The Bank of England is the institution that sets interest rates in an attempt to control inflation and deflation and to maintain a stable financial system.
One of the central purposes of the BoE is to sustain stable prices and confidence in the currency.
Decisions on interest rates made by the independent Monetary Policy Committee are supposed to follow government inflation targets and should in theory lead to stable prices; however the current economic downturn has resulted in interest rates decreasing to historically low levels in an attempt to maintain a certain level of consumer spending and in turn prop up the country’s financial system.
Interest rates are revised each month, with the decision to increase, maintain or decrease made on the first Thursday.
The Monetary Policy Committee changes interest rates depending on levels of inflation and deflation. These are affected by a number of things including consumer demand, costs of labour and materials.
The UK as a global enterprise needs to uphold a constant rate of inflation in order to sustain competitive prices for the products which are sold worldwide. Therefore the role of the Bank of England as a regulator for interest rates is an essential tool for maintaining economic success and stability within the country and for the country in a global context.
Currently interest rates are at an all-time low as a result partially of inflation from recent years but more significantly as a result of banks over stretching themselves and not saving sufficient liquidity levels.
This essentially means that UK banks, similar to those throughout the rest of the world, have been lending out as much money as possible particularly in the real estate sector, in an attempt to make giant profits through interest.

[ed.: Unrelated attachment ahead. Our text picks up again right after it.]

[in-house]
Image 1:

However, financial systems hadn't accounted for borrowers who were unable to meet repayments. This, in addition to the damaged housing markets, has left major margins between outstanding debts and money coming in.
By reducing interest rates, the government is hoping to reduce monthly mortgage repayments as well as decreasing mortgage and refinance rates for borrowers.
This will supposedly free up excess funds to increase consumer expenditure in the long run and therefore rebuild the economic system.
|Lender||Initial Rate||Duration||Standard Rate||Overall Cost For Comparison||Max Loan To Value||Fee|
|2.59%||2 years||5.69%||5.4% APR||75%||£999|
|2.69%||2 years||4.99%||4.9% APR||75%||£495|
|2.79%||2 years||4.99%||5% APR||75%||£795|
|2.94%||2 Years||5.69%||5.4% APR||75%||£199|
|2.99%||2 years||4.99%||4.9% APR||85%||£495|
|2.99%||3 years||4.99%||4.6% APR||70%||£499|
|3.0%||2 years||5.69%||5.5% APR||80%||£999|
|3.19%||5 Years||4.79%||4.2% APR||80%||£995|
|3.5%||2 years||5.49%||5.1% APR||75%||£595|
|3.84%||2 years||3.94%||4% APR||90%||Nil|